Immediately following is the protest song, “1000 Deaths.” Khalil Abdul Muhammad is heard via an audio clip from “The Great Debate: The Origin of Jesus Christ, Myth or Reality,” while audio from “The Murder of Fred Hampton” (a documentary speaking in-depth about the murder of the young Black Panther) follows in secession. D’Angelo speaks of going to war, both against the society he is a part of, and the war within oneself in order to receive true salvation from the Lord and Black Revolutionary Messiah of Jesus Christ,” who D’Angelo refers to as “Yahweh” (GOD), or Yahushua (“Jesus”, also commonly known as Yeshua in Hebrew), respectively. D’Angelo’s vocals are accompanied solely by Questlove on drums in an arrangement that harkens back to the drum pattern of Prince’s “4” from the rare album, Madhouse. This track plays like the fire of a spirit looking to his conscious for guidance:
“1000 Deaths” seamlessly transitions into the Prince & The Revolution-sounding “The Charade,” featuring Questlove on drums (who, at D’Angelo’s suggestion, brilliantly plays the “opposite” of the rim shot funk displayed heavily throughout the Voodoo project in pure Prince fashion), Pino Palladino on bass and electric sitar, with additional guitars by Jesse and Sharkey. Speaking directly to issues regarding racial profiling and inequalities, D’Angelo and Kendra Foster sing: “All we wanted was a chance to talk / ‘stead we only got outlined in chalk / Feet have bled, a millions miles we’ve walked / revealing at the end of the day / The Charade.” The song speaks not only to the deceptive acts taken by America in the indictment of those who killed Black youth, but the yearning of Black Americans who have fought and bled in order to seek equality for the injustices they’ve experienced.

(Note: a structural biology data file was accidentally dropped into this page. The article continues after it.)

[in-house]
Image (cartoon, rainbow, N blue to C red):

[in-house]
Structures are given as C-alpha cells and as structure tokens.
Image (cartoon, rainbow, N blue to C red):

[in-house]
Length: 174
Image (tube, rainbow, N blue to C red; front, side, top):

Track four, “Sugah Daddy,” starts with Frank Gadson playing the kick using the hand-bone technique, popular amongst tap dancers and hoofers during the Vaudeville era. D’Angelo, Palladino, and Gadson also contribute to the claps, while Q-Tip and Foster contribute lyrics about an overzealous woman looking to enrapture a preacher for her own personal enjoyment. “Really Love” concludes “Side A” of Black Messiah. Originally leaked almost a decade ago by Questlove, the finished version includes a lush string arrangement by Brent Fischer and accompanying drums by Questlove. Emitting notes of nostalgia, “Really Love” is sonically reminiscent of Voodoo’s “Send It On,” singing of true love and romance.
“Side B” of Black Messiah begins with “Back to the Future (Part One),” where D’Angelo makes the first references to his disappearance for the past fourteen years, with the late Spanky Alford on guitars. Tracks such as “Till it’s Done (Tutu)” and “Prayer” provide commentary about D’Angelo’s awareness of the world around him. “Betray My Heart,” the oldest track on the album, alludes to the Voodoo aesthetic that made him a household name amongst true musicians and instrumentalists. D’Angelo and Foster are influenced by Johnny Cash and B.B. King on “The Door,” which is heavy in whistle arrangements with little guitar, creating a classic blues song in every sense. The reprise of “Back to the Future (Part Two)” gives listener’s the impression that D’Angelo is still trying to find his place in the future, while missing what he loved in the past, before fading into “Another Life,” a sultry ballad that closes out the album.
Black Messiah is the soul food that many have been waiting close to fifteen years for from D’Angelo and it delivers with little room for seconds. The only downfall of the album is quite subjective, which is the quality of D’Angelo’s vocals. His trademark mumble and the obscuring of his voice, which is buried under a decade of layered arrangements, could be seen as purposeful—an attempt to use his voice as an organic instrument amongst instruments, where its quality only adds to the overall musical experience being offered. Closing out the year as one of the best albums of 2014, Black Messiah is just that, the revolutionary voice that fans have been searching for since their leader went incognito.
Review by Floyd Hobson